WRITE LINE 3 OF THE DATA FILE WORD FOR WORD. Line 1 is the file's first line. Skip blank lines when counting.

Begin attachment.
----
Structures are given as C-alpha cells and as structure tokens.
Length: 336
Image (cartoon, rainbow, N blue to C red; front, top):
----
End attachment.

Image (cartoon, rainbow, N blue to C red; front, top):